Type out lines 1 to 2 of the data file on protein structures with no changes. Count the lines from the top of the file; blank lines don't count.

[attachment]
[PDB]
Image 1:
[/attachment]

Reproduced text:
[PDB]
Image 1: